A flexion test is when a part of the horse’s body is held in a flexed position for a period of time, then the horse immediately jogged/trotted off in hand to see if the test causes any obvious discomfort or worsening of lameness. With a positive test, the first few steps when the horse jogs off will show an obvious lameness including things like short striding and head bobs. If a hind leg, the horse may ”hop” when jogged off.
When doing a flexion test, it’s important to pay attention to what you’re doing or you may stress other areas, too, which will confuse your results. To start, make sure the horse is standing square before you begin, facing in the direction you want him to jog off.
Ask your handler to keep the horse as motionless as possible during the test, and to be ready to jog off at a trot as soon as you release the leg. You’ll probably have to cluck, clap or tap the horse to get him to move off quickly. If the horse walks instead of trotting, repeat the test. Conversely, some horses will high tail it away from you quickly when the leg is released, also making it difficult to see if there was any effect. Again, if this happens repeat the test.
When holding the leg in flexion, do not crank down on the joint. Flex it as far as it will go then use just enough pressure as needed to keep it there. Excessive pressure alone can cause pain.
The ability to flex just the right joint takes attention to anatomy and care not to flex more than one joint at a time.
Here’s how to do it:
Fetlocks: Pick up the leg and support it by the cannon bone, letting it ”dangle” close to the ground, with the knee or hock not lifted up higher than the opposite leg so that there is minimal flexion of the joints above the fetlock. Grasp the hoof at the toe and pull the hoof back toward the fetlock. Continue gently moving it back until you reach the point where it won’t move any further. Hold in position there for 30 seconds then jog off.
Knee: Suspend the lower leg by the middle of the cannon bone, with the fetlock hanging free. Keep the knee at the same height as the opposite leg, i.e., do not lift up on the leg. With one hand on the upper leg/forearm (to keep the leg from elevating) and one cupping the front of the cannon bone, fold the lower leg up toward the forearm as far as it will go. Hold in position for 30 to 60 seconds then release.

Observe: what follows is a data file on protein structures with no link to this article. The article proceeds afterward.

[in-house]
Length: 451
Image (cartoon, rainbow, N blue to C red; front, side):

Hocks/Stifles: Because of the construction of the ligaments and muscles in the hind leg, it is impossible to flex the hock without also flexing the stifle. For this reason, hock flexion tests are also automatically stifle flexion tests. As with knee flexion tests, every effort should be made not to elevate the hock any higher than the hock on the opposite side. If you do, pelvic, back and sacroiliac areas may also be stressed. This flexion test also inevitably puts some degree of pressure over the hip joint and the trochanteric bursa area. With one hand resting gently on the back of the leg above the hock, use the other hand to cup the back of the cannon bone and fold the lower leg up toward the gaskin. Hold the hock in flexion for 60 seconds then jog the horse off promptly.
Higher joints: Problems of the shoulder, elbow, hip, pelvis and sarcoiliac joint are more difficult to diagnose by tests that manipulate joint position. There are several reasons for this. One is that pain in these regions is often accompanied by significant muscle spasm, which may actually be relieved temporarily by gentle traction on these areas. Another is that manipulating the position of these joints inevitably involves stress on one or more joints below and/or above them.
Feet and pasterns: Fetlock flexion tests also put stretch/strain along the front (anterior) surface of the lower joints, so conditions such as ringbone could potentially be aggravated For suspected pain originating from the hind-foot area (navicular bone, navicular bursa, deep digital flexor tendon, impar ligament), stand the horse on a block of wood so that the toe is supported but the back of the foot is not, and drops down toward the ground. Jog off after 60 seconds. This is actually a stretch and pressure test, rather than a flexion test. Stretch is put on the deep digital flexor tendon and impar ligament (holds the navicular bone to the coffin bone), and compresses the navicular bursa and the navicular bone.
Pros and Cons. Older horses and horses with chronic problems may jog off lame after flexion tests even if the area doesn’t bother them under normal conditions. Excessive force during flexion tests can also produce pain, as can holding the flexion for too long.
Flexion tests of the hind leg above the fetlock are of limited value because of the difficulty in flexing joints individually. Hind-leg lameness also often involves more than one site at the same time, e.g. hock pain and hip pain.
Bottom Line. Flexion tests require practice. They can pinpoint a joint, but not the problem.